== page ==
WHY DO WE NEED A NEW GRASSROOTS MOVEMENT?
The United Kingdom has been a very wealthy country for several hundred years. In the 19th century it was the richest and most advanced economy on Earth, and it is still the fifth biggest in the world today.
But our ‘democratic’ system of governance has consistently failed to ensure the fruits of the UK’s economic achievements are equitably shared amongst all its citizens.
Furthermore, even though the British Empire was consigned to history in the years after WW2, the UK’s military services have continued to be used for imperialist wars around the globe. Our young men and women have been repeatedly sacrificed in these conflicts. Untold terror and hardship have been inflicted on millions, generating resentment towards Britain and forcing millions of desperate people to seek refuge outside their birthplace.
The inequality and poverty at home, along with the enthusiasm for waging wars overseas, illustrates the inadequacy of our so-called ‘representative’ democracy. Working class communities in particular, here and abroad, have been hardest hit by this failure to actually represent the best interests of the electorate.
That is why a grassroots resistance movement is being established to challenge the consistent failure of our elected representatives to deliver a domestic and foreign policy agenda that prioritises the interests of people.
Participatory, rather than representative, democracy would give citizens real influence over those in authority. The present system only offers the chance to vote once every four or five years, but then politicians are pretty much a law unto themselves until the next election. Corporate lobbyists circle like vultures around the Palace of Westminster and have far too much sway over parliament’s proceedings.
Changing the political status quo won’t be easy though, not least because it suits the super-rich elites and corporate sharks. These vested interests have been gorging themselves on the proceeds of deregulation and privatisation for 40 years. That is why we need to build a movement based on democracy and the community solidarity epitomized by socialism.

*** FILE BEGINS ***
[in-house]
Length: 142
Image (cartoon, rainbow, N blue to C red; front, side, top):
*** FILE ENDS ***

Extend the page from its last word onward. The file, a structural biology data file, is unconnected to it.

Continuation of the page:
The Covid-19 crisis has exposed the shortcomings of deregulation and privatisation, as well as highlighting the crucial importance of state intervention and community solidarity. After years of underinvestment, many of our public services are either no longer available or on the verge of collapse. That is why this grassroots resistance movement will aim to build capacity in communities to maintain services and create alternative provision that is no longer provided by the state.
Climate change poses an existential crisis for humanity, so we will push for an ambitious green new deal. This should be funded through a different economic prospectus that understands the opportunities afforded a country like the UK with its own sovereign currency. We will call for Overt Monetary Financing to be utilised instead of automatically resorting to the use of government bonds, which really amount to corporate welfare. The creative use of pound sterling could turn the economy into an engine for delivering public good instead of private greed.
It is against that background that we will try to raise expectations and put the shortcomings of public service provision into a political and monetary context. We want to ensure that people are armed with the information they need to challenge the failures of central and local government. International examples of interventionist governments, demonstrating how the state can be a force for good, and the historical achievements of municipal socialism, will be a source of inspiration.
We will argue for a very different method of measuring economic success, where the elimination of poverty is centre stage, and government prioritises the wellbeing of the public over boardroom greed.
We will be pressing for a massive expansion of worker cooperatives to address the obscene income inequality in the workplace to ensure workers enjoy the full benefit of their industry.
We will be demanding that all public services are run by the public, for the public, through transparent, democratic governance structures, which means bringing all the outsourced public services back inhouse.
We will be insisting that utilities and other strategic companies are run in the national interest instead of free market capitalists, which means bringing them into democratically accountable public ownership.
We will be calling for all public institutions to be accountable to local communities through both local elections and participatory budgeting.
We are promoting a bold agenda, but it is not our intention to supplant any existing organisation. We plan to bring community and political activists together to create an unstoppable momentum for change that politicians will find impossible to ignore and to ensure those elected to represent us are held to account.